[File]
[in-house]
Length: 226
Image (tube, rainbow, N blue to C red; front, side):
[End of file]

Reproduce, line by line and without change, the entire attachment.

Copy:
[in-house]
Length: 226
Image (tube, rainbow, N blue to C red; front, side):